4. Persephone:

This song is not about an explicit part of the story, it is about what is not said when Kore now known as Persephone is in Hades. Kore at this time changed her name to Persephone, Kore translating to daughter and Persephone translating to the bringer of destruction. Here she has now claimed her own identity, tying into the theme of a woman reclaiming her own body or reclaiming her own rights. This song does speak of the torment and pain that Persephone endured through her time in Hades and how she slowly slips into a state of madness, every day trying to find her way home to her mother, trying to find an escape from being trapped in darkness; however, it has a triumphant undertone in realizing that she has finally been able to somewhat reclaim what is hers, her body and identity, something that all people in our time can feel and relate to.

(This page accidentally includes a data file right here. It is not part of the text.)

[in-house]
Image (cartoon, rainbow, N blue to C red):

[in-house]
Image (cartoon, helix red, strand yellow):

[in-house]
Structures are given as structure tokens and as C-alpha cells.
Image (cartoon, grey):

5. A Divine Revalation:

In this section of the story, Demeter has revealed her true form, of a divine Goddess to the people. Tying into the theme of female strength, this song highlights the life-giving female spirit, symbolic of perpetual life. Challenging social structures of the past and present, such as the patriarchy that surrounds society in an attempt to open people's minds to the divine feminine, a glorious force that can create life. The song dismisses all of the claims made against women over the years and takes a look at a new society, one of a matriarchy that is fueled by the strength that comes from suffering, a reclamation of their own bodies and identities as women. This song in its entirety is an ode to profound, divine feminine spirits.

6. Tower: